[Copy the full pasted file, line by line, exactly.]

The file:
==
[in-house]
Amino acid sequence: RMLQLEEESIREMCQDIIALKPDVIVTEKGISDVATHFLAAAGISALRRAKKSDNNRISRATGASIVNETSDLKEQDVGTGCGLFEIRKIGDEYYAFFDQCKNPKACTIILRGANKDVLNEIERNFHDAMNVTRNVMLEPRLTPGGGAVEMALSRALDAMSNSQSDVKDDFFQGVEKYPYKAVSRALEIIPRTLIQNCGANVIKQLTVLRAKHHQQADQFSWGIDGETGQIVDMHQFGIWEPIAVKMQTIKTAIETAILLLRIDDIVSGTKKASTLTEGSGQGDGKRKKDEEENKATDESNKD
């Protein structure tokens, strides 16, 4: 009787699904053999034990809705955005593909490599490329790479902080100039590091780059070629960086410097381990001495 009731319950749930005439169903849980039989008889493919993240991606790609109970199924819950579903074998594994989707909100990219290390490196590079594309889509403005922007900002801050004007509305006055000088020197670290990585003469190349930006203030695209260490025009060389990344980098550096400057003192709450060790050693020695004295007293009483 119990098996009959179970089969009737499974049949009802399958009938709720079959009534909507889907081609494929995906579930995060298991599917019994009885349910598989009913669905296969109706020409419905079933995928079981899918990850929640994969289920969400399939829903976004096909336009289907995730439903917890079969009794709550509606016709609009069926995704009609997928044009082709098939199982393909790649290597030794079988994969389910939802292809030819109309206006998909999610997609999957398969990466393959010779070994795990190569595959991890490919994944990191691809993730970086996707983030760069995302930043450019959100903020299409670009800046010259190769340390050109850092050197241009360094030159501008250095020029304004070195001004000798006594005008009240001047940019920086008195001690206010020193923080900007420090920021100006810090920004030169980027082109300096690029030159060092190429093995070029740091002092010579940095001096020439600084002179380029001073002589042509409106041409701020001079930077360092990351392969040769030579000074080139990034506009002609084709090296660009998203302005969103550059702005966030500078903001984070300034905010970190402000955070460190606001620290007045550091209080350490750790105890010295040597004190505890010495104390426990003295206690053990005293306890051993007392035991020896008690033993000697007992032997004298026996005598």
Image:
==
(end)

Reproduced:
[in-house]
Amino acid sequence: RMLQLEEESIREMCQDIIALKPDVIVTEKGISDVATHFLAAAGISALRRAKKSDNNRISRATGASIVNETSDLKEQDVGTGCGLFEIRKIGDEYYAFFDQCKNPKACTIILRGANKDVLNEIERNFHDAMNVTRNVMLEPRLTPGGGAVEMALSRALDAMSNSQSDVKDDFFQGVEKYPYKAVSRALEIIPRTLIQNCGANVIKQLTVLRAKHHQQADQFSWGIDGETGQIVDMHQFGIWEPIAVKMQTIKTAIETAILLLRIDDIVSGTKKASTLTEGSGQGDGKRKKDEEENKATDESNKD
């Protein structure tokens, strides 16, 4: 009787699904053999034990809705955005593909490599490329790479902080100039590091780059070629960086410097381990001495 009731319950749930005439169903849980039989008889493919993240991606790609109970199924819950579903074998594994989707909100990219290390490196590079594309889509403005922007900002801050004007509305006055000088020197670290990585003469190349930006203030695209260490025009060389990344980098550096400057003192709450060790050693020695004295007293009483 119990098996009959179970089969009737499974049949009802399958009938709720079959009534909507889907081609494929995906579930995060298991599917019994009885349910598989009913669905296969109706020409419905079933995928079981899918990850929640994969289920969400399939829903976004096909336009289907995730439903917890079969009794709550509606016709609009069926995704009609997928044009082709098939199982393909790649290597030794079988994969389910939802292809030819109309206006998909999610997609999957398969990466393959010779070994795990190569595959991890490919994944990191691809993730970086996707983030760069995302930043450019959100903020299409670009800046010259190769340390050109850092050197241009360094030159501008250095020029304004070195001004000798006594005008009240001047940019920086008195001690206010020193923080900007420090920021100006810090920004030169980027082109300096690029030159060092190429093995070029740091002092010579940095001096020439600084002179380029001073002589042509409106041409701020001079930077360092990351392969040769030579000074080139990034506009002609084709090296660009998203302005969103550059702005966030500078903001984070300034905010970190402000955070460190606001620290007045550091209080350490750790105890010295040597004190505890010495104390426990003295206690053990005293306890051993007392035991020896008690033993000697007992032997004298026996005598």
Image: